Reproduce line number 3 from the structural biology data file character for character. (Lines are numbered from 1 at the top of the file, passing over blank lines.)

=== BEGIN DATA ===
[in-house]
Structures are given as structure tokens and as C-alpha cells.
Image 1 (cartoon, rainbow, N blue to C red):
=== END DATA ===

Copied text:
Image 1 (cartoon, rainbow, N blue to C red):